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Human-machine symbiosis overview

By K. Warwick and Mark N. Gasson


The interface between humans and technology is a rapidly changing field. In particular as technological methods have improved dramatically so interaction has become possible that could only be speculated about even a decade earlier. This interaction can though take on a wide range of forms. Indeed standard buttons and dials with televisual feedback are perhaps a common example. But now virtual reality systems, wearable computers and most of all, implant technology are throwing up a completely new concept, namely a symbiosis of human and machine. No longer is it sensible simply to consider how a human interacts with a machine, but rather how the human-machine symbiotic combination interacts with the outside world. In this paper we take a look at some of the recent approaches, putting implant technology in context. We also consider some specific practical examples which may well alter the way we look at this symbiosis in the future. The main area of interest as far as symbiotic studies are concerned is clearly the use of implant technology, particularly where a connection is made between technology and the human brain and/or nervous system. Often pilot tests and experimentation has been carried out apriori to investigate the eventual possibilities before human subjects are themselves involved. Some of the more pertinent animal studies are discussed briefly here. The paper however concentrates on human experimentation, in particular that carried out by the authors themselves, firstly to indicate what possibilities exist as of now with available technology, but perhaps more importantly to also show what might be possible with such technology in the future and how this may well have extensive social effects. The driving force behind the integration of technology with humans on a neural level has historically been to restore lost functionality in individuals who have suffered neurological trauma such as spinal cord damage, or who suffer from a debilitating disease such as lateral amyotrophic sclerosis. Very few would argue against the development of implants to enable such people to control their environment, or some aspect of their own body functions. Indeed this technology in the short term has applications for amelioration of symptoms for the physically impaired, such as alternative senses being bestowed on a blind or deaf individual. However the issue becomes distinctly more complex when it is proposed that such technology be used on those with no medical need, but instead who wish to enhance and augment their own bodies, particularly in terms of their mental attributes. These issues are discussed here in the light of practical experimental test results and their ethical consequences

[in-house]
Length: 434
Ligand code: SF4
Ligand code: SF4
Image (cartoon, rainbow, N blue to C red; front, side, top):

Publisher: Lawrence Erlbaum Assoc Publ
Year: 2005
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